So I disagree with the judgment about the latter years in which Iran has to live under what is known as the Additional Protocol, and the modified Code 3.1, which requires even additional inspections. So the inspection and access is literally unique, unlike any other country in the world. And we are deeply convinced by the Intelligence Community, by the Energy Department, which has responsibility for nuclear weapons, of the ability to prevent Iran from having a nuclear weapon. And I think President Obama laid it out very, very thoroughly in his speech.
Now, what the President said in his speech was not war; he said “some kind of war,” which means perhaps limited, perhaps not. But he and I share the view that if all you do is refuse this deal and say no, this agreement – if you just say no, there is no other alternative to the fact that Iran will begin to enrich, will pursue its program, we will lose international support, we will lose the sanctions, we will wind up in a situation where we do not have the ability to inspect or to check their program, and therefore there will be a (inaudible) about Iran’s continued activity, and that will lead people to put pressure on military action since the United States would have walked away from the diplomatic solution.
So it’s a question of eliminating options in a realistic way. And I would respectfully suggest that rejection is not a policy for the future. It does not offer any alternative. And many people in arms control and others have actually pointed that out. So while I completely respect everybody’s individual right to make a choice, I obviously differ and disagree with the choice made, and I don’t think the facts bear out that in fact there is a 10-year limit or otherwise here.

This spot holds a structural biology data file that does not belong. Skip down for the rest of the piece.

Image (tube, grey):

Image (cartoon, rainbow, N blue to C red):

FOREIGN MINISTER MINH: (Via interpreter) With regard to your question, at the moment, we – Vietnam and U.S. have comprehensive partnership set in 2013. And we hope that the relations will be built on political trust, exchange of visits between leaders, high-level leaders. On trade and economic cooperation, we hope that the economic cooperation between Vietnam and the U.S. will grow further and the U.S. will become number-one trading partner of Vietnam as well as number-one investor in Vietnam. In scientific cooperation and education and training, we hope we will enjoy further cooperation, and we really expect our stronger cooperation in advanced scientific cooperation so that Vietnam could become an industrialized and modernized country in the future.
In defense and security cooperation, U.S. haven’t fully lifted their embargo on the sale of lethal weapons imposed on Vietnam. And we hope that the U.S. will eventually fully lift the embargo on the sale of lethal weapons. As Mr. Secretary mentioned, in both multilateral or bilateral cooperation, we attach great importance to the role that the U.S. play in maintaining peace and security in the region. Thank you.
MODERATOR: (Via interpreter) The press conference has now come to an end. I would like to thank Minister of Foreign Affairs Pham Binh Minh and Secretary John Kerry.